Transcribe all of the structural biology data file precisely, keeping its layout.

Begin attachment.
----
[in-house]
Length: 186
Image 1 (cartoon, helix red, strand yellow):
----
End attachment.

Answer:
[in-house]
Length: 186
Image 1 (cartoon, helix red, strand yellow):